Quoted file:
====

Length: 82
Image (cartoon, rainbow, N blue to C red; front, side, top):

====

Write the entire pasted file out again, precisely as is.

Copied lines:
Length: 82
Image (cartoon, rainbow, N blue to C red; front, side, top):